Then I just shot another loops around the award in the same manner as before.

And because I am very smart, I had my laptop with me and once the shooting was done and aligned it directly on the spot to see whether I have covered everything.

Now let's pause for a minute to drop some knowledge.

By now we all know that the shiny, reflective objects are nightmare for photogrammetry.
That is why the coating spray (or mud, dust, corn starch etc.) is used.

Simply speaking it turns shiny object to matte.
This helps to create the model with correct geometry. However, for correct textures, you need to capture set of photos with the original color of the surface/object.


To read the detailed step by step tutorial, please see my previous blog 
However, just to recapitulate:

1. Create two sets of images
- Original
- Sprayed
2. Add to RealityCapture "Original" images
3. Export images list: eg. original.images - this helps you identify this set of photos later for creating texture
4. Add to RealityCapture " Sprayed" images
5. Align altogether

Now, previously I used just the default settings in RealityCapture for alignment, but this time the object was more tricky and not all images were aligned together. Therefore, I tried to play a bit with the alignment settings.

  • I changed "Image overlap" (not on picture) from Medium to Low. This way you tell RC that the image overlap is not so great and that it should consider larger area of the image.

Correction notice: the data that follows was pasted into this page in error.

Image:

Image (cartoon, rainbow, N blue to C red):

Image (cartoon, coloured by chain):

• I have increased "Max features per image" from 40K to 60K in order to detect more features on each image.
  • I have increased "Preselector features" from 10K to 30K to consider more features in the alignment process from the detected ones (above).
  • Finally, I have adjusted the "Detector sensitivity" from Medium to High to detect more features on the surfaces with weak texture.

6. Import image list: original.images as "Image selection"
7. In the "Selected inputs" set "Enable meshing" to FALSE -> RC will use just the sprayed images for meshing
8. Reconstruction - done in Normal detail

9. Simplify
10. Multiselect all images and set "Enable texturing and coloring" to FALSE
11. Select only several images that show the object from all sides -> set "Enable texturing and coloring" to TRUE
12. Run texturing ->  only those images will be used for texture

And here is the beauty in its full glory!

The overall processing time was 1h 26min and 940 photos were used.

Finally, one more shameless bragging.

If you wish to become part of our team, and work for award-winning company, (As one wise woman said: "The only thing I'm not good at is modesty, because I'm great at it!") then definitely check out our website and see open positions, so you can have a job that you actually like and enjoy. ( I hope my bosses are reading this, Christmas bonuses are around the corner).


Post a Comment

Popular posts from this blog

How to never miss a spot again with inspection tool.

How to scan shiny surfaces